Illustrated in FIG. 2 is a longitudinal cross-section of a typical one of the non-drain valves, such as valve 22a, all of the non-drain valves being substantially identical. The non-drain valve includes a tubular upper body case 24 having an internally threaded outlet 26 adapted to be threaded upon the externally threaded stem of the discharge head 10a. The open end of the cylindrical upper body case interfits with and is closed and sealed by a bottom retainer guide and inlet 28 having an internally threaded inlet stem 30 that is threadedly connected with a riser 32 of the pipe system.
Bottom retainer guide inlet 28 is formed with a tubular plunger guide sleeve 34 that extends axially of the upper body case and is spaced radially inwardly of the case walls. At the lower end of the exterior of the guide sleeve is a stepped shoulder 38 that forms a seat for a compression spring 40 circumscribing the guide sleeve between the sleeve and the interior case walls. A hollow valve plunger 42 has a lower stem portion 44 that is slidably and guidedly received within guide sleeve 34 and slidably sealed thereto by means of an O-ring 50. An intermediate portion of the plunger 42 is radially enlarged to provide a piston 52 having a circumferential groove that receives an O-ring 54 in slidable sealing engagement with the interior walls of the upper body case. A pair of diametrically opposed ports 56, 58 connect the interior of the hollow plunger with the interior of the upper body case at a point upstream of (below) the plunger piston 52. The downstream (upper) end of the plunger 52 forms a seat for the other end of spring 40 which, accordingly, urges the plunger to a valve closed position, toward the discharge head 10a. An aperture 60 connects the interior chamber of the upper body case at the upstream side of the piston with ambient atmosphere.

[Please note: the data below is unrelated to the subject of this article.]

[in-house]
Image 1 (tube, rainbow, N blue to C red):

Plunger 42 includes a reduced diameter, forwardly extending shaft 62, positioned downstream of the ports 56, 58, upon which is securely mounted an end closure washer 66 having a forwardly tapered conical sealing surface 68.
The outlet of the valve is formed with a valve seat in the form of a radially inwardly projecting apertured ring having a sealing edge 70 that cooperates with the conical surface of washer 66 to close the valve.
All parts of the non-drain valve are preferably made of a suitable plastic, conveniently injection molded (except for washer 66). The upper body case may be made as a single section, the bottom retainer guide and inlet, including guide sleeve 34, may be molded as a second integral section. After assembly of the integrally molded plunger with its washer and spring to and within the upper body case, the bottom retainer guide and inlet may be connected as by adhesive, sonic welding, or the like, to provide a water-tight selaed joint that seals the interior valve chamber with the plunger spring and washer therein. A reduced diameter upstream portion of the piston 52 provides a surface 72 that cooperates with the upper end of the guide sleeve 34 to limit motion of the plunger from the illustrated valve closed position. Spring 40 is fully protected from the flowing water, as it is completely enclosed in the sealed (except to atmosphere), annular, cylindrical space between the case walls and the sleeve and plunger.